What you need to know:
- Women are by far the biggest resource conservers and managers of the natural environment.
- However, decisions about strategy and resource allocation in these arenas are overwhelmingly made by men.
The earth is changing and the knowledge that this is happening in Kenya is spreading far and wide. It’s evident the seasons in Kenya are not what they used to be: rain is too much or too little, sunshine is non-existent or extreme.
People living near rivers, lakes and the sea have much to say too, and Kenyans would do well to listen to farmers, whose very output is sensitive to climate being reliable and tolerant.
The vast majority of farmers in Kenya are smallholder, subsistence farmers, who must somehow rely on what is increasingly unpredictable. According to statistics from Trees for the Future, 42 per cent of Kenyans live below the poverty line. Forty per cent depend on agriculture for a living, and three in 10 are food insecure. This sector needs urgent high-level interventions for Kenya to have any hope.
We looked to our own Nobel Peace Prize Laureate, the late, great Prof Wangari Maathai, for inspiration and one of her most memorable rallying calls is that we can each do one little thing to contribute to the betterment of all.
However, to have an expectation of halting and reversing the damage done to the earth, any engagements must go higher and further than individual efforts. The sheer size of the Dandora dump site, for instance, needs constant, repeated policy and regulation to continue to exist. When people see that nothing is being done, and no alternative methods for waste disposal are fronted, the cycle tragically continues uninterrupted.
Push for the earth to heal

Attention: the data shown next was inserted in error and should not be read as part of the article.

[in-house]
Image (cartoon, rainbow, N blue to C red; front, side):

From the life and actions of Prof Maathai, we learn that environmental conservation will never be successful without full involvement of women. Women are by far the biggest resource conservers and managers of the natural environment, which they interact with while caring for farms, finding sources of water, fuel and food for their families.
However, decisions about strategy and resource allocation in these arenas are overwhelmingly made by men. Prof Maathai’s work shows us that a push for women’s human rights is tied irreversibly to the push for the earth to heal: these things are not divisible – in practice, they are the same thing.
Secondly, community is and will always be a collective effort. We should all act together to make changes. Third, we must consider that community never happens automatically. It must be organised.
New members must be recruited, old ones kept, and active, constant participation as part of ongoing growth and administration must happen. Effort and time must be put into these matters, and members must get and stay engaged.
Prof Maathai’s legacy is her deeds. It is also in us, as the people who will carry forward her light, in taking bigger, braver steps together, ensuring full inclusion of women, and in caring for and protecting the earth in all the ways it deserves.
The writer is a policy analyst. [email protected]